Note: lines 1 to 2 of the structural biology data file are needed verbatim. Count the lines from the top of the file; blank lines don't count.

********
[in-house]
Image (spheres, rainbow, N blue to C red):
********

[in-house]
Image (spheres, rainbow, N blue to C red):